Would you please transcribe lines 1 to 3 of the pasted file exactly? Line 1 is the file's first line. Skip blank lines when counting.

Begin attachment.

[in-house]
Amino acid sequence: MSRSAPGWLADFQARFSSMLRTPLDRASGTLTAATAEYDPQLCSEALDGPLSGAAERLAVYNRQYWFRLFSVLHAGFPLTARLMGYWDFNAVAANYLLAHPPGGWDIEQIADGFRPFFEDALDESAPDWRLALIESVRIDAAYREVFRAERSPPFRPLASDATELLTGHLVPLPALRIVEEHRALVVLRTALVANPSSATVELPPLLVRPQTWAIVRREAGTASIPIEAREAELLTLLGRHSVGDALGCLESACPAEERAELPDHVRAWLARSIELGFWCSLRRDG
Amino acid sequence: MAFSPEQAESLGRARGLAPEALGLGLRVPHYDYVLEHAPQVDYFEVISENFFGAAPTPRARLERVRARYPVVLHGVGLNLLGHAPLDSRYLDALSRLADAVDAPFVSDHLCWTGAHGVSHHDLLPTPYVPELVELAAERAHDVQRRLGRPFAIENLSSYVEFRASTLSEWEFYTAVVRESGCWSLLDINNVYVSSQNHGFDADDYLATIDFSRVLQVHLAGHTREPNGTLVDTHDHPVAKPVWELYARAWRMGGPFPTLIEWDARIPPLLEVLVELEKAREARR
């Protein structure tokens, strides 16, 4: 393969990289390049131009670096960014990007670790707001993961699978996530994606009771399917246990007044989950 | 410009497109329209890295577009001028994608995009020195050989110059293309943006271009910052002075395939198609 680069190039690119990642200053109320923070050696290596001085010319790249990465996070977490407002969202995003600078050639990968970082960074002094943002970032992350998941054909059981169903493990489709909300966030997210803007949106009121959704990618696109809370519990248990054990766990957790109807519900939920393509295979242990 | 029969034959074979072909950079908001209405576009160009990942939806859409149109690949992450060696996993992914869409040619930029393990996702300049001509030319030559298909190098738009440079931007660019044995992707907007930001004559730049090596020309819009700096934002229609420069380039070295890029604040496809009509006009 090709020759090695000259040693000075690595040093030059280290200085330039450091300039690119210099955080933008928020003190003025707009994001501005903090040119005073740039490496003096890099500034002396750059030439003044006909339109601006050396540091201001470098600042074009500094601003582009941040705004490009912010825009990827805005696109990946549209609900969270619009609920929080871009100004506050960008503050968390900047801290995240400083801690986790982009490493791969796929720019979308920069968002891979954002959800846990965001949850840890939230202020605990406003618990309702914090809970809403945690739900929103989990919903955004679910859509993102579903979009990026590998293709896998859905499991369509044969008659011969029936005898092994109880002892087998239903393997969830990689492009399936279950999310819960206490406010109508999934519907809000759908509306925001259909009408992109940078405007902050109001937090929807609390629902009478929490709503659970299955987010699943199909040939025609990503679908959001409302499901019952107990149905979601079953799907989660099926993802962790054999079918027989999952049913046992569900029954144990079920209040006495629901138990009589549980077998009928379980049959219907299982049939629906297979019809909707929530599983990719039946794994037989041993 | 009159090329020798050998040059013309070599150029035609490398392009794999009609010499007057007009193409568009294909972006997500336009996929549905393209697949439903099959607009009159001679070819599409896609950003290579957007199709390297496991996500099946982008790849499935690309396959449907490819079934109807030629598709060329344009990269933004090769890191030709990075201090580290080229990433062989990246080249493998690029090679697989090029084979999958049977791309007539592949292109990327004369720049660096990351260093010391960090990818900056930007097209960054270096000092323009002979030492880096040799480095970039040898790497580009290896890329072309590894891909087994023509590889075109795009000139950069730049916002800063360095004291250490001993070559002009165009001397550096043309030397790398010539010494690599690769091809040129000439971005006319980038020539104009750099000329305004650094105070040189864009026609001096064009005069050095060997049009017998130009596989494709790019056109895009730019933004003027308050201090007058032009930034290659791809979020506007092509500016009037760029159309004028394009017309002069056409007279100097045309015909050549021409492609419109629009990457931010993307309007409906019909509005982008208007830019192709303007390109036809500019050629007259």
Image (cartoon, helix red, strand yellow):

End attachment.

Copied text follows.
[in-house]
Amino acid sequence: MSRSAPGWLADFQARFSSMLRTPLDRASGTLTAATAEYDPQLCSEALDGPLSGAAERLAVYNRQYWFRLFSVLHAGFPLTARLMGYWDFNAVAANYLLAHPPGGWDIEQIADGFRPFFEDALDESAPDWRLALIESVRIDAAYREVFRAERSPPFRPLASDATELLTGHLVPLPALRIVEEHRALVVLRTALVANPSSATVELPPLLVRPQTWAIVRREAGTASIPIEAREAELLTLLGRHSVGDALGCLESACPAEERAELPDHVRAWLARSIELGFWCSLRRDG
Amino acid sequence: MAFSPEQAESLGRARGLAPEALGLGLRVPHYDYVLEHAPQVDYFEVISENFFGAAPTPRARLERVRARYPVVLHGVGLNLLGHAPLDSRYLDALSRLADAVDAPFVSDHLCWTGAHGVSHHDLLPTPYVPELVELAAERAHDVQRRLGRPFAIENLSSYVEFRASTLSEWEFYTAVVRESGCWSLLDINNVYVSSQNHGFDADDYLATIDFSRVLQVHLAGHTREPNGTLVDTHDHPVAKPVWELYARAWRMGGPFPTLIEWDARIPPLLEVLVELEKAREARR